• SW is not widely used in Uzbekistan (just 2% weekly), and does not yield significant audiences for the service (0.3% weekly). Adults in Uzbekistan are much more likely to own a satellite dish (13%) or use the Internet (12% weekly) than to use shortwave, so the service provides content on those platforms. Uzbekistan is an especially difficult market to penetrate with USIM content, but shortwave is not an effective platform for the country. RFE/RL Persian (Farda) 

  • Cuts: 1 simultaneous shortwave frequency for 6 broadcast hours

  • Continuing Distribution: Shortwave on multiple frequencies for all 24 broadcast hours remains on, in addition to 24 hours daily medium-wave; “Radio on TV” on VOA Persian stream; 24 hours daily satellite audio with slate plus 24-hour audio on 4 other satellites including Hotbird, the most popular satellite in Iran; multimedia website (with circumvention tools deployed); social media; mobile app with anticensorship proxy server capability built-in.

  • This is only a reduction to the number of simultaneous frequencies during some of the broadcast day. Shortwave radio, with 5% weekly use in 2012, is considerably less popular than other platforms on which audiences can access Farda content, such as medium-wave (10% weekly use), satellite television (26% own a dish, and 33% watch satellite television weekly) or the Internet (39% weekly use). RFA Lao 

  • Cuts: 2 hours shortwave

  • Continuing Distribution: 5 FM radio affiliates in Thailand provide cross-border coverage; multimedia web and mobile sites; social media

  • Shortwave is very little-used in Laos — less than 1% of adults report listening to shortwave radio weekly. RFA Lao’s listeners come overwhelmingly via FM stations on the Thai border — 94% of past-week listeners report hearing RFA on FM. (Laos is so small that border FM stations have decent penetration into the country). RFA Vietnamese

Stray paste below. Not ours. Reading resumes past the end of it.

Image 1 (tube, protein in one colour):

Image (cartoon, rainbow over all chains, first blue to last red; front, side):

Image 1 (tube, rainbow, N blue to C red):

• Cuts: 2 hours shortwave

  • Continuing Distribution: Medium-wave coverage of all broadcast hours remains on; multimedia web and mobile sites (with circumvention tools deployed) include webcasts and other videos; social media

  • Shortwave radio is very little-used in Vietnam — less than 1% of adults report any weekly use of the waveband, and RFA reaches just 0.2% of adults weekly on radio. Medium-wave is slightly more popular, but the future for USIM in Vietnam is likely online: 26% of Vietnamese use the Internet weekly now (with much higher rates among certain populations, like the young and the well-educated), and three in four personally own a mobile phone. While Vietnam attempts to block access to sensitive sites, Vietnam is actually the most active country in our most popular Internet Anti-Censorship tools with almost 600 million hits per day.Languages that continue on shortwave:


  • Afan Oromo/Amharic/Tigrigna to Ethiopia and Eritrea

  • Bambara

  • Burmese

  • Cantonese

  • Dari

  • English to Africa

  • English to South Sudan

  • French to Africa

  • Hausa

  • Khmer

  • Kinyarwanda/Kirundi

  • Korean

  • Kurdish

  • Mandarin

  • Pashto (to FATA and Afghanistan)

  • Portuguese to Africa

  • Somali

  • Swahili

  • Tibetan

  • Shona/Ndebele/English to Zimbabwe OCB

  • Spanish to Cuba RFE/RL

  • Avar/Chechen/Circassian

  • Belarusian

  • Dari

  • Pashto (to FATA and Afghanistan)

  • Persian

  • Russian

  • Tajik

  • Turkmen

  • Uzbek RFA

  • Burmese

  • Cantonese

  • Khmer

  • Korean

  • Mandarin

  • Tibetan

  • Uyghur MBN

  • Arabic (Afia Darfur to Sudan/Chad)

ALSO READ: Still no announcements on Voice of America main websites about shortwave cuts, BBG Watch, June 30, 2014.

READ MORE: Broadcasting Board of Governors has let America and Obama down, BBG Watch, June 30, 2014.

READ MORE: Some world reactions to sudden VOA shortwave shutdown in Asia, BBG Watch, June 30, 2014.

READ MORE: Last Voice of America English shortwave program to Asia with hardly any prior notice, BBG Watch, June 30, 2014.

READ MORE: IBB ends long-term partnerships with rebroadcasters in two-sentence emails and no thank you, BBG Watch, June 29, 2014.

ALSO READ: PCJ Radio making fun of Voice of America and BBG executives on radio cuts to Asia and Middle East, BBG Watch, June 29, 2014.

ALSO READ: Bureaucrats gave listeners little time to learn about shortwave cuts by VOA, RFA, and RFE/RL, BBG Watch, June 28, 2014.

ALSO READ: Dropping radio and going all digital: VOA Asia Twitter not updated since May 3, BBG Watch, June 29, 2014.